Every building has a floor and sooner or later it will need more than daily or routine cleaning to remove heavy soil, scratches, scuffs and restore that like new shine. Hard floor care is one of the most profitable service specialties and if you ask for the work, is often an automatic add on for janitorial and residential cleaning services. If you have the skills, staff and equipment needed to provide periodic and restorative maintenance and your price is reasonable, chances are you will get the work. Sometimes floor care is included in the contract, but many times, floor care provides an opportunity for additional income and profit. If you can’t personally do the work, consider subcontracting with another company to provide the service and add 20%-40% to the cost as your markup for managing the project.
Pricing Hard Floor Care
Common approaches to pricing floor care include time and materials (cost plus) or fixed rate, which can be calculated by the hour, square foot or area. A number of software programs are available to assist with pricing, scheduling and cost analysis. The International Sanitary Supply Association (ISSA.com) and other industry trade associations offer production guidelines and procedural manuals related to hard floor care.
Tips for Accurate Bidding and Estimating:
- Bid small jobs to start with. You can’t lose too much money on a small job, even if your numbers are wrong. This is the best way to protect yourself from large losses and improve your estimating skills related to labor and supply costs as well as production rates. It’s the large and complicated jobs where the risk is much greater and your numbers need to be more precise. With a little practice, you’ll get the hang of it pretty quickly.
- Keep accurate written records on all bids. This will help you refine your estimating formula and analysis of costs and profit on each job. Refer to this information when bidding accounts in the future that are similar in size and services offered.
- Develop your own numbers. Industry standards, including production rates and costs found in off the shelf software programs and manuals should only be used as a guideline, reference or starting place. The only truly accurate numbers are those developed by you for your business. Don’t worry about the completion, focus on your costs, profit and meeting the customers needs and you’ll do just fine.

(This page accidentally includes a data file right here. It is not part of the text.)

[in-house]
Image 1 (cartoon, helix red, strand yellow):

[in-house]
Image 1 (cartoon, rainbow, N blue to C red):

- Test, Test, Test. Test cleaning and finishing a small area (4 inches by 4 inches max.) is the only way to determine what it will really take to clean and restore a floor to an acceptable condition. Cleaning a small test area by hand will help you determine which product and process to use. Once you figure out which chemicals to use and how to do the work, expand the test area to 4 ft. x 4 ft. Completing this larger test area will help you accurately estimate labor and supply costs for the entire job. Unless you have been maintaining a building for several years, you don’t know what others may have applied to the floor or what it will take to remove it. Certain types of sealers, finishes, nano-coatings, urethanes and epoxies are difficult and in some cases impossible to remove by chemical stripping. This is easy to determine before you start the job and will save you a lot of time and money and trouble, if you follow the test procedure outlined above.
It is important to learn about emerging trends that will over time eliminate the need for stripping, burnishing and refinishing of new and common floor covering materials. Micro-fiber flat mops, green/sustainable chemicals and processes, robotics, nano-coatings, engineered water and finish free surfaces are just a few of the advances that will revolutionize the way we clean, maintain and restore hard floor coverings in the future. With these changes you can expect to see higher production and lower cost per square foot rates for the cleaning and maintenance of hard floors.
Although floor coverings, along with the equipment and chemicals used to maintain them are evolving quickly, a window of opportunity exists for at least another 5 – 10 years, where traditional floor care will still be used in many types of facilities.
The Institute of Inspection, Cleaning and Restoration Certification (IICRC.org) offers industry standards and independent third party training and certification as a Care Technician (FCT) or a Stone, Marble and Tile Technician (SMT). Cleaning Management Institute (CMI), your local sanitary supply distributor and most equipment and chemical manufacturers offer classes, on line and printed training materials and in some cases onsite hands on training for your custodial staff. Don’t overlook these valuable industry resources when you have questions or need support regarding hard floor care.
Search engine research will provide a wide range of information and training resources for all types of floor care including wood, concrete, rubber and other specialty surfaces found in residential, commercial and industrial locations.